What an awesome three days of storytelling outdoors at Norwich Puppet Theatre, based in a disused church. Storytelling specifically with men who attend mens groups in Norwich. The storytelling performances called ‘Fire in The East’, were run specifically to get men outdoors more, post covid and to inprove their emotional, physical and mental health and welfare through the medium of storytelling outdoors. Working collaboratively with fellow storyteller and friend Jonathan Lambert. We told a range of folk and fairie stories, from the funny, to the serious, to the bizarre and much inbetween. The stories led to some wonderful conversations and sharings of experience and emotions, during the intervals and afterwards.
Super proud to be a part of this important project. Part of rebuilding community after Covid.
The Green Children
I grew up, some 11 miles up the road from the Suffolk village of Woolpit, where the story of the Green Children comes from. I know the people, the land and the villages well, in this part of Suffolk. The tale fascinates me and I have been telling it for years. There are so many interpretations, so many layers to it. Everytime I revisit and research the story, I see more. It is part folk tale, part fairy/wonder tale and part legend. I am currently revisiting and researching the story again, as I have done many times. I will be telling it again next week, at Get A Word in Edgeways, an online storytelling space.
Get A Word in Edgeways will also be having an actual Storytelling and Spoken Word Festival, on the 8th-10th July in Shropshire. See you there.
My biggest gig yet is coming up this weekend, Storytelling to 500 Scouts.
2022 has been an exciting, interesting and busy year for me on the storytelling front so far. Some of the highlights include, going to Morocco, to tell stories and work with Moroccan students, the two week trip was amazing; Norfolk Libraries invited me to work on an innovative project, Nature Storytelling Outdoors, for mens health & mental welfare. Then there was an Essex Heritage project, celebrating Marconi, where I was involved with a school from the village, where the first ever official radio broadcast was made, by Marconi. Then there was a Ukranian fund rasing gig in Suffolk, where a group of us raised over £1,200, I was so proud to be a part of this. I have also been involved in some other very enjoyable storytelling work inbetween, including telling a story at a fashion show. And now I am about to do my largest storytelling gig ever. It is for the Essex Scouting Association. I will be at the Essex County Cricket ground this coming Saturday the 23rd April, where I will be telling a story to approximately 500 Scouts.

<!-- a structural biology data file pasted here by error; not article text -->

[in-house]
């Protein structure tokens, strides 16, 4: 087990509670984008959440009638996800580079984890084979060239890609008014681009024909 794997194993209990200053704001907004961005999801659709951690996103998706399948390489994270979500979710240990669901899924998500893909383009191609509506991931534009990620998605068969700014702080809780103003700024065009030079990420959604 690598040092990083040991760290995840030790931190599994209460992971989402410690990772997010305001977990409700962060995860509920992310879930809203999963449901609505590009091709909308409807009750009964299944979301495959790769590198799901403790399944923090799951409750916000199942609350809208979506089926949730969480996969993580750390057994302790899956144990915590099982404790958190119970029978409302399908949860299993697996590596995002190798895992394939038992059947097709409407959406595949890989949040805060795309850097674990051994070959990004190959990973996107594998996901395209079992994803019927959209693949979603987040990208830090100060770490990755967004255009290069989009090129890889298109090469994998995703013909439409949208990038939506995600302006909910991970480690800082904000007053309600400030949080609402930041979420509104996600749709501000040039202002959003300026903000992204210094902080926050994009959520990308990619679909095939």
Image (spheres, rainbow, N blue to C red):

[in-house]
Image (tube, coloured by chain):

There is a lot more in the pipeline, this year, which I will share at a future date. ‘Doing the job I love’.
A dream come true for me I was invited to attend the First Marrakesh International Storytelling Festival, in Morocco. This was the first week of Morocco opening up its borders post Covid, so a very special time, in so many ways.
I was lucky enough to be able to work with Moroccon students, learning English with four x 2 hour sessions. The format of folk and fairy tales was used, with an open question forum for the students including enabling them to dive deeper into story and into English language and cultural differences. Depending on the groups ability, some of the stories that I told were translated, into Arabic, small sections at a time. While for other more proficiant groups the stories I told were only spoken in English. Such a deep, rich, rewarding encounter for me, stretching and enhancing my ability in running storytelling workshops. I have also made a friend in one of the tutors, Chayan.
A little Blog about my work and why this book is importent.